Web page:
About Abby

Notes on an Autistic Protagonist

pencilsIn 1826, novelist Ann Radcliffe defined the main characteristics of Horror fiction as terror, the mounting dread that takes place in anticipation of an event, and horror, the disgust or revulsion that takes place after the event. Stephen King, William Nolan, and others have written that Horror fiction is not about the monster behind the door, which once revealed will never be as big or as scary as we imagine it to be, but about the slow opening of the door. As Quiet Horror, my novel The Ceiling Man depends more on Radcliffe’s terror than her horror. Violence happens, but it is usually off-screen. The monster behind the door is seen—he is a point of view character—but never explained. As Abby, the protagonist, states I do not know who he is. I only know he is.

The Ceiling Man is about the catastrophic effects of intrusion of evil into the everyday life of one family. However, the everyday life of that family isn’t the everyday of the typical family, nor is the Big Bad—by conventional definition—the only Other in the story. Abby is an autistic teenager. The Ceiling Man is not a book about autism, but autism influences the reactions and actions of both Abby and her parents and shapes the plot.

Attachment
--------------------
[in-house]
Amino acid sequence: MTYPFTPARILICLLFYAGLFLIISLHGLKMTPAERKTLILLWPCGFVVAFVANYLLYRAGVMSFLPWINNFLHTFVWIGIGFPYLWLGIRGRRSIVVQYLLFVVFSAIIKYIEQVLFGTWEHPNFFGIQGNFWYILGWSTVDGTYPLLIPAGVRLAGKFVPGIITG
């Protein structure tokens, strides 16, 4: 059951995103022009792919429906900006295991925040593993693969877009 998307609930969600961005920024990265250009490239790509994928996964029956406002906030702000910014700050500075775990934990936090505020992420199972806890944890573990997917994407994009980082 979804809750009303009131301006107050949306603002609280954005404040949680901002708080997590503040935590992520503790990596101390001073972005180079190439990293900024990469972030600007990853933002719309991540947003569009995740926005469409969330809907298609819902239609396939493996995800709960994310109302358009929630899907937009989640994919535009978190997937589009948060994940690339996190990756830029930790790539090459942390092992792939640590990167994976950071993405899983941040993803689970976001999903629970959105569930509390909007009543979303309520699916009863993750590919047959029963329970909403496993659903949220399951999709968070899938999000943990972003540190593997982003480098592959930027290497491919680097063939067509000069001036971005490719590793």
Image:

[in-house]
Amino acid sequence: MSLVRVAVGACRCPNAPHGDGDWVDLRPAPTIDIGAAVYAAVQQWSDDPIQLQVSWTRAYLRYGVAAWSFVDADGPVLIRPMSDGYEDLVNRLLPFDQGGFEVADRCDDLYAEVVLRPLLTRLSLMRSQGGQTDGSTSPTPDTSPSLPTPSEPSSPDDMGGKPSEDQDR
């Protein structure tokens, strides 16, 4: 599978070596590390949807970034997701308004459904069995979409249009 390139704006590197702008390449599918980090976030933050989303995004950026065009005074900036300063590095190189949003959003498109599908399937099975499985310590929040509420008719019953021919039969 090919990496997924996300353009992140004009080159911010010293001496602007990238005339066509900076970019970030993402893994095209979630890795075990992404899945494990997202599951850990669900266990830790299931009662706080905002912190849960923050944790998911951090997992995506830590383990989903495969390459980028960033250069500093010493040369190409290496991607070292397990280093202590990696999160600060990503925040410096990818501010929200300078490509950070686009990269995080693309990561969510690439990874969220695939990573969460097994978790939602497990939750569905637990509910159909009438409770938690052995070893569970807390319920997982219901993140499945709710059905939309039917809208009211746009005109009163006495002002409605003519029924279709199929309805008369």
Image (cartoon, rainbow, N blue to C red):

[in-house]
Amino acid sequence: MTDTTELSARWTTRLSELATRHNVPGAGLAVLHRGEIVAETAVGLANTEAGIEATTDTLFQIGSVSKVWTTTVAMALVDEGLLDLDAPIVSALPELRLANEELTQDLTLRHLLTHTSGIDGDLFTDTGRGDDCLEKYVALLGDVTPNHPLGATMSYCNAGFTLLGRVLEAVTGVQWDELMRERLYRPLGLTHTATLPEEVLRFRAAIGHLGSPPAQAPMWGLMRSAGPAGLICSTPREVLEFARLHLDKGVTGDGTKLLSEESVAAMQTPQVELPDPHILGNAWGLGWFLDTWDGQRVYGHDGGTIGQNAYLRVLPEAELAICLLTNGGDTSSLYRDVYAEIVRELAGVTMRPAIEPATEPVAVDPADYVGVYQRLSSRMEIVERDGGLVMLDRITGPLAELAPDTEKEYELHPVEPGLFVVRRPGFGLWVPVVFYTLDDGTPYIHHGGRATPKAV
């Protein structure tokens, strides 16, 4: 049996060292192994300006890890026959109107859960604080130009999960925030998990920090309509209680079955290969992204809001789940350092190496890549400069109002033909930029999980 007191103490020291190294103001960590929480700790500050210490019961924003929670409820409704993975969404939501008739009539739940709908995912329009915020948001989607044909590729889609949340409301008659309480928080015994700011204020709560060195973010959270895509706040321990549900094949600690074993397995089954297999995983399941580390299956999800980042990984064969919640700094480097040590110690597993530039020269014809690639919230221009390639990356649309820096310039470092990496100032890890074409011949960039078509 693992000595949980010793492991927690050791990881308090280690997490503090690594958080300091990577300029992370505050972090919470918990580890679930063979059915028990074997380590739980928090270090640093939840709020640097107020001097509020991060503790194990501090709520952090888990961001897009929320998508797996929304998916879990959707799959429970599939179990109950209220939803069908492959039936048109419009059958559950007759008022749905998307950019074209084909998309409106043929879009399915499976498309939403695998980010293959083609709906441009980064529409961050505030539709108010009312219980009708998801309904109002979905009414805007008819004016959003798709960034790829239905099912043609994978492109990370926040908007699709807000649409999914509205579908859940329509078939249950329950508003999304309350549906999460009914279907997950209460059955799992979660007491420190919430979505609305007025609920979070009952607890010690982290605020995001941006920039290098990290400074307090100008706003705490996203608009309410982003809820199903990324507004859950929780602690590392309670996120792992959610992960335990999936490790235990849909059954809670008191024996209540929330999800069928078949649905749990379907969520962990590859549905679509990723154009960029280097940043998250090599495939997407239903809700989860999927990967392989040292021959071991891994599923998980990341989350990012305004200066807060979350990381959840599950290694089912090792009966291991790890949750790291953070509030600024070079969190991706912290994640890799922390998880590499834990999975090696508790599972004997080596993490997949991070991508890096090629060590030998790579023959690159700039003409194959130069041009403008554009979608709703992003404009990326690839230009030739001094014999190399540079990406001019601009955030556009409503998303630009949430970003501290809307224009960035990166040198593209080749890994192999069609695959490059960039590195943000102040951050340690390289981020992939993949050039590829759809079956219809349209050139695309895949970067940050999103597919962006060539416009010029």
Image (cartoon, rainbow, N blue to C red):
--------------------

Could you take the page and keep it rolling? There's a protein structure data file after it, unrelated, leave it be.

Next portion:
Abby’s psychic connection to the antagonist is not attributable to her autism, however, her initial reaction to him is. The Ceiling Man has picked up other nuerotypical “watchers” throughout his years, but they dismissed him as a bad dream, unreal. Because Abby sees him, she accepts his reality without question. Abby’s parents, accustomed to her atypical communication and seeming non-sequiturs, show little concern at her first mentions of a hungry man and red ceilings—when parents of a nuerotypical teen would be ordering drug tests or calling doctors.

In Abby’s point of view chapters, her voice is based on her verbal communication. We get to know Abby both through her viewpoint and that of her mother. We see Abby’s efforts to understand the nuances of neurotypical communication and to communicate a danger she knows is real to her pragmatic parents who, even if they understood her, would consider the Ceiling Man no more than a nightmare.

Abby is literal and truthful. She is unable to tell a lie greater than in answer to a yes or no question. Her imaginative capacity is limited, and it is that limitation that tells the reader that the danger is indeed real. Abby’s acceptance of the Ceiling Man’s existence and her eventual realization of his evil doesn’t require an explanation. While her imagination is limited, her reasoning ability isn’t, and because of her atypical sensory and thought processes, she makes connections that those around her don’t, and it is through her growing strength and agency that she protects herself and those she loves.

Abby’s Autism Spectrum Disorder is part of her, just as gender, ethnicity, appearance, or other traits help define any fictional character, but it is not her single defining characteristic. She is also a teenage girl, a daughter, a granddaughter, a student, a hero, and more. What she isn’t is emblematic of all autistic people. She is an individual. She is Abby.